Lucas & Frost 1903
Spencer's goanna, plain goanna
Spencer's goanna is the least known of the large Auscralian
monitor lizards. It appears to live only in grass lands on the
clay plains of eastern Northern Territory and north-western
Queensland (Cogger 1993). They usually reach lengths of
100cm TL (Schmida 1985) with a maximum of about
125cm TL. The tail is only slightly longer than the head and
body (103-107% of SVL). This is a heavily built species that often has a very thick tail base
and attains weights of over 2.25kg (Mertens 1958; Bustard 1970). Hatchlings measure about
22cm TL, 13cm SVL (Peters 1986). The short toeS are equipped with long powerful claws
which enable these lizards to burrow through clay. They are said to be most active between
August and October (Schmida 1985). Pengilley (1981) found large numbers of females
looking for nest sites among piles of red soil dumped at the side of a road in late September
and early October. A wild caught female laid eggs at the beginning of November. Clutch size
is large, with up to 31 eggs. each measuring about 5 × 3.5cm, recorded from large females
Spencer's· goannas usually shelter in burrows or large cracks in the clay and often inhabit
areas devoid of trees (Stammer 1970; Swanson 1976). In captivity they are able to climb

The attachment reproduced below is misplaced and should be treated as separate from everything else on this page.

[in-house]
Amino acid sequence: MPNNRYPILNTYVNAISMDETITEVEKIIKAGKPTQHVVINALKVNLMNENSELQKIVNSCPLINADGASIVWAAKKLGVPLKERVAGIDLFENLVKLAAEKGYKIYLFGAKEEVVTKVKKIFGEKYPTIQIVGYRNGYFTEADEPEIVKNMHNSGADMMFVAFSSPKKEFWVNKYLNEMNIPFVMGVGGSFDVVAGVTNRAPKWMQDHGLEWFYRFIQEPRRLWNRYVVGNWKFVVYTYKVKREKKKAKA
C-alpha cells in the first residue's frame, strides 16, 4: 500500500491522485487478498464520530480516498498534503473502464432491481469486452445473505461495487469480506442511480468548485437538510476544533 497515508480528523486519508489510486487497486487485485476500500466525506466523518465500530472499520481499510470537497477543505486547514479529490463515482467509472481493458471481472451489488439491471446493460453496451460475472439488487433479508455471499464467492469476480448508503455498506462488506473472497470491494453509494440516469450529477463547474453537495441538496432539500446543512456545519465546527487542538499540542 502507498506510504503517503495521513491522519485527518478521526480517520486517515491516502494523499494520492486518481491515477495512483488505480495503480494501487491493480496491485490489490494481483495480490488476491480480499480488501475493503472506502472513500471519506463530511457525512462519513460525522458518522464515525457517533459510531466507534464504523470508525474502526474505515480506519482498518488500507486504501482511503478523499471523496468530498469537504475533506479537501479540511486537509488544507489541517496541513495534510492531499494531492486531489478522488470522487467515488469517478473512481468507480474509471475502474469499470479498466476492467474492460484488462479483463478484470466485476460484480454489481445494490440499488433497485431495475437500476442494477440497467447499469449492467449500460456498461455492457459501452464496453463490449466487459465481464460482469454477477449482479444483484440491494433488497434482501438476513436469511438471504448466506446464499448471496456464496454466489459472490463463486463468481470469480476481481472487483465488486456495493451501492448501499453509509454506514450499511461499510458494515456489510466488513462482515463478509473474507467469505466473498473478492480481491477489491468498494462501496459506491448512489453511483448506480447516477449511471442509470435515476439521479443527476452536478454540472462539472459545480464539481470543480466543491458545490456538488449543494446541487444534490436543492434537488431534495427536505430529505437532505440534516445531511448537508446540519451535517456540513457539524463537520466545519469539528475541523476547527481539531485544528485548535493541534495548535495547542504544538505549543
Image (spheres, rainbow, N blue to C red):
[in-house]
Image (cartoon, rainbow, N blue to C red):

quite well (McKeown pers comm.) and so may explore trees where they are present. The
adult females examined by Pengilley (1981) had eaten mammals, large snakes. agamids.
mammals and insects (mainly orthopterans) . A specimen examined by Stammer (1970)
contained large numbers of beetles. The stout bodies suggest that they are inactive
throughout the winter, but there are no direct observations to substantiate this. Bipedal ritual
combat in this species was first recorded by Waite ( 1929), who mistook them for perenties .
(Horn 1981). A burrow, probably intended as a nest is depicted by Pengilley (1981).
There are few references to the care of this species in captivity (e.g. Peters 1969a,c, 1970a,
1971, 1986). They require a spacious terrarium which provides plenty of opportunities to dig
and would probably benefit from a seasonal reduction in activity. Eggs laid by a wild caught
female hatched after 133-140 days at 29°C (Peters 1986). juveniles are much more colourful
than the adults, with bright yellow bands over a glossy brown back. They double in size
within six weeks. In captivity, Spencer's goannas are said to be somewhat nervous but
tolerant They can live for at least 15 years (Snider & Bowler 1992).